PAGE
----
Recently, a lawsuit was filed against the Illinois Department of Human and Family Services over delays in the processing of claims for Medicaid benefits. Although the lawsuit focuses primarily on applications for community Medicaid and health insurance benefits, delays by IDHFS in processing Medicaid claims for long-term care benefits can have a dramatic effect on those seniors requiring assistance to pay for long-term nursing home care.
A quick synopsis of the Medicaid system as it applies to nursing home benefits:
Medicaid (not to be confused with Medicare) is a government program funded by both state and federal resources to help seniors and disabled individuals with limited resources pay for long-term care. Although Medicare will cover short-term stays in a nursing home for rehabilitation and some respite care, Medicare provides no benefit to those seniors that need to move to a nursing home on a permanent basis.
Medicaid will provide benefits only for skilled nursing and supporting living facilities. Medicaid does not cover independent living, assisted living or memory care facilities and benefits are only paid for those individuals with assets of $2,000 or less in their names individually.
Medicaid applications require that an applicant provide up to 5 years of financial records including bank statements, deposit slips, images of checks, tax returns, deeds, affidavits, and verifications of pensions and life insurance policies. To help manage the overwhelming amount of documents submitted every year to Medicaid, the State of Illinois recently spent millions of dollars to implement a new software system that went “live” in October of 2017. This is the very software that IDFHS blames for the further increase in delay in processing Medicaid applications.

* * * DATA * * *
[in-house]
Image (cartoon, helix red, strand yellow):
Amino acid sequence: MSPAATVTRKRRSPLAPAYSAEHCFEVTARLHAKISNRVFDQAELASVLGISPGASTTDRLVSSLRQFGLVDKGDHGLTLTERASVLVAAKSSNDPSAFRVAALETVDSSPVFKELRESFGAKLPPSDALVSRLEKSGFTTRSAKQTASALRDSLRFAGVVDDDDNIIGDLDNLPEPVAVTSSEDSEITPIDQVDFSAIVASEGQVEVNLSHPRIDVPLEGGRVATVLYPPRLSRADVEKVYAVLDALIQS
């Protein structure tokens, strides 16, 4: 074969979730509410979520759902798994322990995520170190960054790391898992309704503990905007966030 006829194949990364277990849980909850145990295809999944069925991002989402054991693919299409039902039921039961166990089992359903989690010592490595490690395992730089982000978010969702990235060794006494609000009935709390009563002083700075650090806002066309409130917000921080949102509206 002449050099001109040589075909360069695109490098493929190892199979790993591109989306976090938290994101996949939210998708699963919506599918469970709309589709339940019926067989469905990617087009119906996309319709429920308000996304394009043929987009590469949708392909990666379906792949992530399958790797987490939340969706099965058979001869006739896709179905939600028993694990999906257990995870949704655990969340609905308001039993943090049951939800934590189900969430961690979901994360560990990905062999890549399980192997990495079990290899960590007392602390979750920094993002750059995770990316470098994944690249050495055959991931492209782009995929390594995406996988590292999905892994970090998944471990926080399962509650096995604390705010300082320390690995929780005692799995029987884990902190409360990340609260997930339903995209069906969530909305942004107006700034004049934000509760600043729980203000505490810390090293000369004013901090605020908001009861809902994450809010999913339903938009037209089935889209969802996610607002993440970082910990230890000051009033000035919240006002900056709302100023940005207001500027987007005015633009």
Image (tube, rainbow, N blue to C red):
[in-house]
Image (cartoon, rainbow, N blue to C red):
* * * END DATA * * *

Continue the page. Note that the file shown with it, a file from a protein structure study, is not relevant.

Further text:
The practical effect of all these delays is an even greater unwillingness of quality nursing facilities to accept Medicaid pending residents. The longer a Medicaid application remains pending, the more uncertainty the nursing home faces as to whether it will get paid for the care it provides to a resident. Nursing homes are also concerned about how the delay in Medicaid approval will affect their operating budget and cash flow.
Delays in Medicaid benefits have given rise to facilities requiring large deposits or proof of the ability to privately pay for skilled nursing care for an extended period of time. When searching for a Medicaid bed at a long-term care facility, it is important that seniors and their families understand their rights and obligations. Proper planning and careful management of assets can greatly reduce the stress and uncertainty involved with the transition to a long-term care facility, maximize the government benefits available, and preserve asset for the senior.
If you have questions about asset protection strategies and Medicaid, please call Attorney Nick Beis at 708-482-7090 to schedule a consultation.